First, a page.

Schematic diagram illustrating potential involvement of systemic and/or locally produced myostatin in the modulation of thecal and granulosal steroidogenesis.

Citation: Reproduction 156, 4; 10.1530/REP-18-0114

Declaration of interest

The authors declare that there is no conflict of interest that could be perceived as prejudicing the impartiality of the research reported.

Funding

Supported by BBSRC (grant number BB/M001369 to PGK). W C was supported by a postgraduate scholarship from the Thai Ministry of Science and Technology.

Acknowledgements

The authors thank D Butlin and A D Simmonds for skilled technical assistance.

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    Relative abundance of mRNA transcripts for (A) MSTN, (B) FST, (C) ACVR1B, (D) TGFBR1 and (E) ACVR2B in theca and granulosa layers of small (3–6 mm), medium (7–10 mm) and large (11–18 mm) bovine antral follicles. Large follicles are subdivided into oestrogen-active (E:P ratio >1) and oestrogen-inactive (E:P ratio <1) categories referred to as LEA and LEI follicles, respectively. Intrafollicular E:P ratios for each follicle category are shown in panel (F). Numbers in parenthesis in panel A are n-values for each group. Values are mean ± s.e.m. and summarised two-way ANOVA results are shown. Within each cell type means without a common letter are significantly different (P < 0.05).

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    Immunohistochemical staining of bovine ovary sections showing myostatin immunoreactivity (brown) in oocyte and granulosa cells of primordial (pF) and primary (PrF) follicles (A), secondary (SF) follicles (B,C) and in thecal (T) and granulosal (G) layers of antral follicles (AF) (D and E). Myostatin immunoreactivity was also evident in vascular smooth muscle cells (bv) (E). No staining was observed in control sections treated with normal rabbit serum instead of primary antibody (F).

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    Effect of myostatin on basal and FSH-induced secretion of (A) oestradiol and (B) progesterone by bovine granulosa cells and on (C) viable cell number; Panels (D, E and F) show the effect of myostatin ± FSH on expression of CYP19A1, CYP11A1 and HSD3B1 mRNA, respectively. Values are means ± s.e.m. (n = 5 independent cultures). Results of two-way ANOVA are summarised; *P < 0.01, **P < 0.01 ***P < 0.001 compared to respective control with zero myostatin (panels A, B, C). In panels (D, E and F) means without a common letter are significantly different (P < 0.05).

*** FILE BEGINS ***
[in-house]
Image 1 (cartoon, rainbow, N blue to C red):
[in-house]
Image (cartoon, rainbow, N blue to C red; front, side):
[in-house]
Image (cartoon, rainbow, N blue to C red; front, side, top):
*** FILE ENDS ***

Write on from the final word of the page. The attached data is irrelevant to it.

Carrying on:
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    Effect of myostatin on basal and LR3 IGF-1-induced secretion of (A) oestradiol and (B) progesterone by bovine granulosa cells and on (C) viable cell number. Values are means ± s.e.m. (n = 3 independent cultures). Means without a common letter are significantly different (P < 0.05).

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    Effect of different treatments known to modulate GC steroidogenesis on granulosal expression of (A) MSTN and (B) CYP19A1 and on (C) secretion of oestradiol. Values are means ± s.e.m. (n = 4 independent cultures); Means without a common letter are significantly different (P < 0.05).

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    The effects of myostatin on basal and LH-induced secretion of (A) androstenedione and (B) progesterone by bovine theca cells. Panel (C) shows effects on viable cell number. Values are mean ± s.e.m. (n = 12 independent cultures); Two-way ANOVA P-values are shown.

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    Ability of follistatin to antagonise myostatin-induced suppression of thecal androstenedione secretion. Values are means ± s.e.m. (n = 6 independent cultures).

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    Effect of LH and BMP6 on thecal expression of (A) MSTN and (B) CYP17A1and on (C) secretion of androstenedione. Values are means ± s.e.m. (n = 8 independent cultures); means without a common letter are significantly different (P < 0.05).

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    Schematic diagram illustrating potential involvement of systemic and/or locally produced myostatin in the modulation of thecal and granulosal steroidogenesis.